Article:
Bài giảng Computer Security - 8. Trust in P2P Systems

d) Experim. Results – General Remarks Defining a context of trust increases a peer's ability to identify and mitigate attacks on the context-related tasks Context of trust can be used to increase a peer’s reasoning ability for different tasks Such as routing, integrity checking and protecting privacy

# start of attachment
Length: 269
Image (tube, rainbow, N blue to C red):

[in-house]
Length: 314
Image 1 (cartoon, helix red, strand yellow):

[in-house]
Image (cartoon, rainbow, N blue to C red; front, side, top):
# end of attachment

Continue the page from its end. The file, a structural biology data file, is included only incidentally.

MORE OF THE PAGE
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8. Trust in P2P SystemsProf. Bharat BhargavaCenter for Education and Research in Information Assurance and Security (CERIAS)andDepartment of Computer SciencesPurdue University bb@cs.purdue.eduCollaborators in the RAID Lab ( Ahmet Burak Can (Ph.D. Student)1Trust in P2P Systems Outline1) Introduction 1.1) Mitigating Attacks in P2P Systems 1.2) Assumptions for Peer Interactions2) Contexts of Trust in P2P Systems3) Definitions for the Proposed Solution4) Trust Metrics5) Trust-based Decisions 6) Interaction Evaluation by Peers7) Recommendation Evaluation by Peers8) Simulation Experiments 8.1) Attacker Models for Simulation: Individual attackers/ Collaborators / Pseudospoofers 8.2) Experimental Results21) Introduction 1.1) Mitigating Attacks in P2P SystemsMitigating attacks in a malicious P2P environmentUse trust relationships among peers to mitigate attacks in a malicious P2P environmentAlgorithms are needed to establish trust among peersResearch tasks:Propose trust metrics that reflect all aspects of trust.Develop distributed algorithms to manage trust relationships among peers and help them to make decisions using trust metricsDefine methods to evaluate interactions and trust information exchanged among peers (recommendations)31.2) Assumptions for Peer InteractionsPeers use no a priori information to establish trustNo pre-existing trust relationships among peersA peer must contribute and behave well to gain and preserve trust of another peerMalicious behavior of Peer 1 against Peer 2 can easily destroy trust of Peer 2 in Peer 1Trust metrics should have sufficient precisionRequired to rank peers accurately (according their trustworthiness)42) Contexts of Trust in P2P SystemsTwo contexts of trust — w.r.t. performing 2 different tasks:Providing services to other peers Giving recommendations to other peers.These contexts considered separatelyA peer might simultaneously be a good service provider and a bad recommender (or vice versa)53) Definitions for the Proposed SolutionA peer becomes an acquaintance of another peer after providing it a service (e.g., uploading a file)Using a service from a peer is called a service interactionAll peers are strangers to each other at the startA peer expands its set of acquaintances by using services from strangersA recommendation represents the acquaintance’s trust information about a strangerA peer requests recommendations about a stranger only from its acquaintancesReceiving a recommendation from an acquaintance is a recommendation interaction64) Trust Metrics (1)Reputation is the primary metric when deciding about strangers in the service contextRecommendations from acquaintances used to calculate reputation metricService trust is a metric to measure trustworthiness of a peer in the service contextA service provider is selected according to service trust and reputation metricService trust metric of a peer calculated based on its past service interactions and its reputation74) Trust Metrics (2)Recommendation trust is the primary metric to measure trustworthiness of a peer in the recommendation contextI.e., when selecting recommenders and evaluating recommendationsRecommendation trust metric of a peer calculated based on past recommendation interactions and its reputationAnalogously to service trust metric85) Trust-based Decisions (1)When making trust decisions, interactions and reputation are considered separately This helps when making a distinction between two trustworthy peersTrust decisions about a stranger are based on reputationTrust decisions about an acquaintance are based on its past interactions and reputationAs more interactions happen with an acquaintance, the experience derived through interactions becomes more important than its reputation95) Trust-based Decisions (2)Using available acquaintances by a peerIf no acquaintances - simply trust any stranger providing the requested serviceIf some acquaintances - calculate reputation of strangers based on recommendations of acquaintancesMay select one of the strangersMay choose not to entrust strangers if acquaintances can deliver the needed serviceAs more acquaintances become available – can become more selective106) Interaction Evaluation by PeersUsing all available information about interactions is helpful to calculate trust metrics more preciselyA peer should be able to express its level of satisfaction about an interactionConsidering several parametersE.g., online/offline periods, bandwidth, delay of the uploader in a file download operationService interactions might have varying importanceE.g., downloading a large file more important than downloading a small fileThe effect of an interaction on trust calculation fades as new interactions occur117) Recommendation Evaluation by PeersA recommendation makes a clear distinction between the recommender’s own experience and second-hand information collected from its acquaintancesThis distinction enables more precise calculation of reputationA recommendation contains the recommender’s level of confidence in the information providedIf the recommender has a low confidence, the recommendation is weakA weak recommendation’s effect on the calculated reputation value is less than a strong oneA recommending peer is no more liable than its confidence in its recommendationA recommendation from Peer 2 (the recommender) is evaluated by Peer 1 based on the value of recommendation trust metric that Peer 1 has for Peer 2128) Simulation ExperimentsA file sharing application was simulatedTo understand the proposed algorithms for mitigating attacks related to services and recommendationsThe results of several empirical studies are used to simulate peer, resource, and network parameters Some of the simulation parameters:Peer capabilities: bandwidth, number of shared filesPeer behavior: online/offline periods, waiting time for sessionsResource distribution: file sizes, popularity of filesConsidered attack scenarios: Individual, collaborative and pseudonym changing attacks scenariosSimulated nine different malicious behaviors138.1) Attacker Models for Simulation2 types of attacks:1) Service-based attack — uploading a virus infected or inauthentic file 2) Recommendation-based attack — giving misleading recommendationsTwo subtypes of misleading recommendations: Unfairly high recommendation: Giving a positively-biased trust value about the recommended peerUnfairly low recommendation: Giving a negatively-biased trust value about the recommended peerThree types of attackers:Individual attackersCollaboratorsPseudospoofers14a) Model of Individual AttackersIndividual attackers — perform attacks independently (does not cooperate with other attackers)Three individual attacker behaviors:Naïve attacker — always uploads infected/inauthentic files and gives unfairly low recommendations to othersDiscriminatory attacker — attacks a selected group of victimsAlways uploads infected/inauthentic files to them and gives unfairly low recommendations for themIt treats all other peers fairlyHypocritical attacker — uploads infected/inauthentic files and gives unfairly low recommendations with x% probability15b) Model of CollaboratorsCollaborators — malicious peers that coordinate attacks with other peersCollaborators never attack each otherAlways upload authentic files to each otherAlways give fair recommendations to other collaboratorsCollaborators always give unfairly high recommendations about each other to non-collaborating peersTry to convince good peers to download files from any one of the collaborators Three collaborator behaviors (analogous as for individual attackers)Naïve, Hypocritical, Discriminatory16c) Model of PseudospoofersPseudospoofer — a malicious peer which changes its pseudonym periodically to escape from being identifiedA pseudospoofer behaviors: Naïve / discriminatory / hypocriticalAnalogous to individual attacker behaviors178.2) Experimental ResultsIn a non-malicious network, reputation of a peer is proportional to its capabilities such as network bandwidth, average online period on the network and number of shared resourcesIn a malicious network, service and recommendation-based attacks affect reputation of a peer18a) Results for Individual Attackers All attacks of individual attackers are mitigated easilyHypocritical attacks take more time to detect than other individual attackers19b) Results for Collaborators (1)Detection of collaborators usually takes longer than detection of an individual attackerUnfairly high recommendations provides an advantage except naïve collaboratorsNaïve collaborators do not benefit from collaborationThey have zero reputation since they can not complete any service interactionHence they are not requested for any recommendationsCollaboration is partially successful in hypocritical and discriminatory behaviors20b) Results for Collaborators (2)Hypocritical collaborators succeeded to launch more service-based attacks at the start of experimentsAt the start, good peers do not have many acquaintances - collaborators deceive them easily by distributing unfairly high recommendations for each otherThen collaborators able to take advantage of unfairly heightened reputations to attract good peers for their “services” (= attacks)As good peers gain more good acquaintances, hypocritical collaborators are identified (and their attacks mitigated)21b) Results for Collaborators (3)Service-based attacks of discriminatory collaborators are mitigated easier than those of hypocritical onesVictims of discriminatory collaborators quickly identify themBut discriminatory collaborators gained a high recommendation trust value & were able to continue distributing misleading recommendationsCollaborators do not attack most good peersThus, good peers believe their recommendationsVictims give low recommendations for discriminatory collaboratorsHowever, good peers think that victims are giving misleading recommendations for discriminatory collaboratorsThus, discriminatory collaborators are able to continue distributing misleading recommendations22c) Results for PseudospoofersAttacks of pseudospoofers are as easily mitigated as those of individual attackersPeers gain more acquaintances and have less tendency to select strangers with timeThus, pseudospoofers are more isolated from good peers after each pseudonym changeExperimental results for Pseudospoofers 23d) Experim. Results – General RemarksDefining a context of trust increases a peer's ability to identify and mitigate attacks on the context-related tasksContext of trust can be used to increase a peer’s reasoning ability for different tasksSuch as routing, integrity checking and protecting privacy24THE END25